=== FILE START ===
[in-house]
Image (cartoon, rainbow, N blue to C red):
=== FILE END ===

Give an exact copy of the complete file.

[in-house]
Image (cartoon, rainbow, N blue to C red):